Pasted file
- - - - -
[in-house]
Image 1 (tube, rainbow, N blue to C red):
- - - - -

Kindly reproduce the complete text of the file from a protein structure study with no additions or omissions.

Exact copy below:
[in-house]
Image 1 (tube, rainbow, N blue to C red):